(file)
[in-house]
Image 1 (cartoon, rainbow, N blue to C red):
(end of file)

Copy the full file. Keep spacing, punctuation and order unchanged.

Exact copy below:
[in-house]
Image 1 (cartoon, rainbow, N blue to C red):